As we observe World Mental Health Day, it’s important to acknowledge that far too many people still face hurdles when they try to receive care for a mental health or substance use challenge.
Charles Ingoglia, MSW
(he/him/his) President and CEO, National Council for Mental Wellbeing
After joining the National Council in 2005, Chuck Ingoglia spent 14 years leading the organization’s public policy and practice improvement efforts before becoming president and CEO in June 2019. In his role, he works closely with the board of directors and other leadership, focusing on supporting member organizations and influencing the policy, regulatory and payment environment so that substance use and mental health organizations can better serve their communities. His frequent interaction with members, payers and the broader health care community enables him to position the organization for the future. He represents the organization and its mission by regularly contributing articles, commentary and interviews in addition to participating in speaking engagements.
Dedicated to finding solutions to ensure care is more equitable, accessible and effective, Ingoglia led the development and implementation of the Certified Community Behavioral Health Center Clinic (CCBHC) designation and pilot program and was integral to securing federal authorization language and appropriations to support the Primary Behavioral Health Care Integration Grant program and Mental Health First Aid (MHFA). As president and CEO, Ingoglia has overseen the organization’s strategy and rebranding effort, which has entailed its transition from the National Council for Behavioral Health to the National Council for Mental Wellbeing, and an exhaustive review of the organization’s structure to ensure it meets its growing membership’s needs and aligns with its mission.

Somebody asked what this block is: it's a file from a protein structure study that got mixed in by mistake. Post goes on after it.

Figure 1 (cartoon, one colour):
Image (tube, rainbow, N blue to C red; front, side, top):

Ingoglia brings knowledge and experience to his role that stems from 30 years working in behavioral health. His previous organizations include the Substance Abuse and Mental Health Services Administration (SAMHSA), Mental Health America, National Association of Social Workers and Association for Ambulatory Behavioral Healthcare.
He received his bachelor’s and master’s degree in social work from the Catholic University of America.
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As we observe Recovery Month, we’re shedding light on Recovery Community Centers because they represent a rapidly growing component in the recovery support infrastructure, or recovery capital.
The Recovery Ready program is intended to create a network of support services at no cost to residents currently seeking treatment for alcohol and other drug addictions.